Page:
The system continually checks for the changing of lodging establishment tags until the traveler chooses 272 to exit. If another lodging establishment tag is changed, the process continues with item 262.

FIG. 11 shows a process for a traveler defining how an itinerary is to be created, viewed and edited. The Traveler begins by choosing 280 to define how their itinerary will be built and viewed. They are then provided the choices of a) Build Day Segments (such as half day chunks); b) Build Trip Day; c) Order Trip Days; or d) Define Trip Location Transportation Segments. In preferred embodiments, an Itinerary is composed of 1 or more Trip Days and each Trip Day is composed of 2 Day Segments. Therefore, in a preferred embodiment, the system does not allow them to chose an option that has no components available for it. For example, the system prevents the traveler from building Trip Days until there are Day Segments to assign to those Trip Days.

If a traveler chooses 282 Build Day Segments, then the process continues with FIG. 12.

If a traveler chooses 284 Build Trip Day, then the process continues with FIG. 14.

If a traveler chooses 286 Order Trip Days, then the process continues with FIG. 16.

If a traveler chooses 288 Define Trip Location Transportation Segments, then the process continues with FIG. 17.

If a traveler chooses 290 to exit, then the process ends. Otherwise, the process repeats itself by returning to step 280.

FIG. 12 shows a process of building Day Segments from Items of Interest previously selected. This process begins by the traveler selecting 300 to view the Day Segments. The myTravelGuide Site 50 then displays 302 existing Day Segments and the user is then able to make a choice of a) Add Day Segment; b) Modify Existing Day Segment; or c) Delete Existing Day Segment. The list of Day Segments may optionally contain other information such as status (e.g. Partial or Complete).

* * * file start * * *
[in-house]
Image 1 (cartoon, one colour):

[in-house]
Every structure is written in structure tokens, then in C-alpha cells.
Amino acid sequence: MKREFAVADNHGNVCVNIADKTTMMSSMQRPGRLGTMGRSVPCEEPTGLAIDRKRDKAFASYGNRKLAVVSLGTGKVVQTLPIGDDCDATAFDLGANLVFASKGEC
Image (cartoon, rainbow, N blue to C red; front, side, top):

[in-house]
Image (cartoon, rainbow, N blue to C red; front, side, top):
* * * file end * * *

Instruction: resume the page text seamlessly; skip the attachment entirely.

If a traveler chooses 304 to add Day Segment, then the process continues with FIG. 13.

If a traveler chooses 306 to Modify Existing Day Segment, then the process continues with FIG. 13.

If a traveler chooses 308 to Delete Existing Day Segment, then the system deletes 310 the selected Day Segment. Note that the system optimally presents a confirmation warning.

If a traveler chooses 312 to exit, then the sub-process ends and returns to the calling process. Otherwise, the sub-process continues with step 302.

FIG. 13 shows a process of adding a new or modifying an existing Day Segment. This process begins by myTravelGuide Site 50 determining 320 whether the traveler is adding a new Day Segment or modifying an existing Day Segment. If the traveler is adding a new Day Segment, then the myTravelGuide Site 50 displays 322 a blank Day Segment Form. Otherwise, if the traveler is modifying an existing Day Segment, then the myTravelGuide Site 50 displays 324 a pre-populated day segment form. The day segment form allows the traveler to add and remove Items of Interest which have not already been assigned to other Day Segments. Optionally a list of available Items of Interest may be filtered for relevant items based on criteria such as nearby currently selected items of interest. Next the traveler is provided an opportunity to enter or modify 326 a Day Segment Title, which is used to more easily identify the chunk for assigning to Trip Days later in the process. Next, the traveler may choose to add or remove items of interest in any order that they like.